Lawmakers in Hawaii were quick to call for fixes to the system.
“What happened today is totally inexcusable,” Sen. Brian Schatz (D., Hawaii) wrote on his Twitter account. “The whole state was terrified. There needs to be tough and quick accountability and a fixed process.”
Sen. Mazie Hirono, also a Democrat, tweeted, “At a time of heightened tensions, we need to make sure all information released to the community is accurate. We need to get to the bottom of what happened and make sure it never happens again.”
Deputy White House press secretary Lindsay Walters issued a statement after the false alarm which said President Donald Trump had been briefed on the matter, adding that “This was purely a state exercise.”
Nate Bingham, owner of Hawaiian Style Rentals and Sales near the beach in Waikiki, said he got the alert as he was pulling scooters and bikes out to start the day.
“We all got the same alert at the same time,” he said. “We basically left everything as it was, threw the keys to the scooter in the shop and locked everything up.”
Mr. Bingham purchased a few bottles of water at a local convenience store and drove home to see his wife. By the time he arrived, the false alarm message arrived. He headed back to work, where he was greeted with a line of people hoping to rent scooters and bicycles.
“People are just going back on with their vacation,” he said. “I have this pit in my stomach, still but life is just going on.”
U.S. military officials based in Hawaii were puzzled when they saw the state alert but didn’t hear the air-raid sirens that would be expected if a missile was incoming, one defense official said, and the U.S. Pacific Command saw no evidence of a missile. Still, some personnel took shelter until the matter was cleared up, the official said.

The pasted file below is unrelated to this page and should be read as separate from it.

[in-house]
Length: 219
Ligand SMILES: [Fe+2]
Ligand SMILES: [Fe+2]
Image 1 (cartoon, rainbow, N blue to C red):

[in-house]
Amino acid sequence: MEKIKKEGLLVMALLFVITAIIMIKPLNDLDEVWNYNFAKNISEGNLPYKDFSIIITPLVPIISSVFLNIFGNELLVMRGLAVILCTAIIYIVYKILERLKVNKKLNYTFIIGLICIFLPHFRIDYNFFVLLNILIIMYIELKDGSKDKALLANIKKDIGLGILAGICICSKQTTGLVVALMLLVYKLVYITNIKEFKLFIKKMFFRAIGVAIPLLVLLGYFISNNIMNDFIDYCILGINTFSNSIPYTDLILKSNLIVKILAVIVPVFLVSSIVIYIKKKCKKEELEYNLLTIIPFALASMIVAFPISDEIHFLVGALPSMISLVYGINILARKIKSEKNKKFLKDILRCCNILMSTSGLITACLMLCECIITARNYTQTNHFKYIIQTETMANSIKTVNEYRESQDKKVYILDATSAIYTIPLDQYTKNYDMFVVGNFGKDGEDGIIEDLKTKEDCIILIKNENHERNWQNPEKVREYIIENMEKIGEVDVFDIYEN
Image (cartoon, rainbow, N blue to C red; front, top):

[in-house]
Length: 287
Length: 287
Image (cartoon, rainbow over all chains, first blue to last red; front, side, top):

Michael Barstis of Oahu was reading a Scooby-Doo book with his two children in their bedroom when his wife appeared at the door, a concerned look on her face. “Honey, there is a thunderstorm warning,” she said, handing over her blaring cellphone. “We need to take shelter.”
Mr. Barstis froze when he read the text of the alert—a missile was headed their way—and quickly caught onto his wife’s act. They didn’t want to scare the children. Pretending they were getting ready for a storm, he shuttled his family around the house, closing doors and windows. Mr. Barstis wondered if the precautions would even matter—the walls on his house are less than an inch thick.
Then the family dove behind a couch in the living room and waited, possibly for the unimaginable.
“We just sat there silently praying, hugging and kissing our kids,” said Mr. Barstis, 42, the general manager of a construction company. “The island is so small, that if there was a missile, there is no real way to escape it. So I was just happy to be with my family.”